I think of myself as more of a collectivist, so to me, working on cybersecurity in general seems really important, because that’s a space that impacts every single person — whether we’re able to stay online, whether we’re able to use these technologies in a way that prevents us from getting our credit cards hacked, or from having other bad things happen to us. To me, that’s a team effort, and it’s a team of hundreds of thousands of people. I wouldn’t say there’s any specific thing I’ve done where I would say, “I impacted the world in a good way with this specific thing I did.” But I would say I specifically choose fields to work in that I believe have a big impact, in terms of either how people understand and use AI and other types of machine learning technologies, or with cybersecurity, the direct impact on the customers we have and the people who rely on the companies we serve, and keeping those people safe.

As you know, there are not that many women in your industry. Can you share 3 things that you would you advise to other women in the AI space to thrive?

My first piece of advice goes back to my answer about what can be learned from my journey: be willing to take risks and get your hands dirty. Second, talk with others in the AI industry, generally people working in AI are passionate about the field and happy to engage with people who have smart questions. Third, find mentors who will take the time to show you the ropes and teach you what you need to move you forward. This might seem cliché, but mentorship doesn’t have to be an official thing. It can be as easy as talking about the people you encounter who are good at things you want to learn and asking them how they think about the work they are doing.

Can you advise what is needed to engage more women into the AI industry?

My general thinking on this subject is that more people (of both genders) will be more interested in AI as we focus more on how we apply the technology, as opposed to on the raw technology itself. At Microsoft, we had a lot of women working on the Cortana and Xbox systems. They were there because they wanted to have an impact on society and on people’s lives.

What is your favorite “Life Lesson Quote”? Can you share a story of how that had relevance to your own life?

My dad always used to say, “Make the right decision, and then make the decision right.” In other words, look at all your options, understand the situation, but then make a decision. Once you make a decision, figure out how to make it work. Because you’re never going to have all the information to make a perfect decision. There are going to be flaws, no matter what you do. So, take a look at it, don’t agonize, make sure you’ve thought about it, but not ad nauseam, and then make a decision and make that work. I think it’s a good motivator to keep moving forward.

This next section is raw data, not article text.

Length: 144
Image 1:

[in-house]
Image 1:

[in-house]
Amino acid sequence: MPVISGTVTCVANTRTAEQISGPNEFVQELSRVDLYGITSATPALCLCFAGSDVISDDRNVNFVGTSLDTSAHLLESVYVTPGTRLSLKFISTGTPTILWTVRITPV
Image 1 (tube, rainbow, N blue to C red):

You are a person of great influence. If you could start a movement that would bring the most amount of good to the most amount of people, what would that be? You never know what your idea can trigger. 🙂

I think it would be really interesting to have an AI-based movement that focuses on income inequality. The way work is being coordinated and the fact that it’s changing so quickly gives us a big opportunity to use AI to systemically bias work platforms and other ways that people work towards more equality. I don’t think we’ve explored that very much yet, but I think that using technology to improve the distribution of people across the income spectrum is possible.

Thank you so much for joining us!

About the Author:

Tyler Gallagher is the CEO and Founder of Regal Assets, a “Bitcoin IRA” company. Regal Assets is an international alternative assets firm with offices in the United States, Canada, London and United Arab Emirates focused on helping private and institutional wealth procure alternative assets for their investment portfolios. Regal Assets is an Inc. 500 company and has been featured in many publications such as Forbes, Bloomberg, Market Watch and Reuters. With offices in multiple countries, Regal Assets is uniquely positioned as an international leader in the alternative assets industry and was awarded the first ever crypto-commodities license by the DMCC in late 2017. Regal Assets is currently the only firm in the world that holds a license to legally buy and sell cryptos within the Middle East and works closely with the DMCC to help evolve and grow the understanding and application of blockchain technology. Prior to founding Regal Assets, Tyler worked for a Microsoft startup led by legendary tech giant Karl Jacob who was an executive at Microsoft, and an original Facebook board member.